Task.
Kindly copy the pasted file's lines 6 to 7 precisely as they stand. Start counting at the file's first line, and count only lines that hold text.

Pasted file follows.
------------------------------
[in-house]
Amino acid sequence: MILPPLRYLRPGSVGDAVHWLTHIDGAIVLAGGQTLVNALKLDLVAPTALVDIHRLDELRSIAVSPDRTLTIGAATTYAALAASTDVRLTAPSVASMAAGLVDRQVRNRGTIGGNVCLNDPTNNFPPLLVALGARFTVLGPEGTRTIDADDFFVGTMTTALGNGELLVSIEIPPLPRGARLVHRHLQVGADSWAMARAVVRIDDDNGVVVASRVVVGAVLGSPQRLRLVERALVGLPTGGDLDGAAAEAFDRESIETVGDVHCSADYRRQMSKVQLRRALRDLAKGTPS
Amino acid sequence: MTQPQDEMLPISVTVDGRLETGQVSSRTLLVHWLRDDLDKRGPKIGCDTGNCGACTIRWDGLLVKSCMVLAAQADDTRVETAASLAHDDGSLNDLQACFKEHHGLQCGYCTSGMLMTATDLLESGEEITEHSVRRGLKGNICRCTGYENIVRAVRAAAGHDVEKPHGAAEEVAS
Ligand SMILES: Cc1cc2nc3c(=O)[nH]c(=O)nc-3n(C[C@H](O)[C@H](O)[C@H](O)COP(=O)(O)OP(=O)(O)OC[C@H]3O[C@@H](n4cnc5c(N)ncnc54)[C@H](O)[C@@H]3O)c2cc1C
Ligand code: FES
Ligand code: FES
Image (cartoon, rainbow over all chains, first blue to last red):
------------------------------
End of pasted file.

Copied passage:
Ligand code: FES
Image (cartoon, rainbow over all chains, first blue to last red):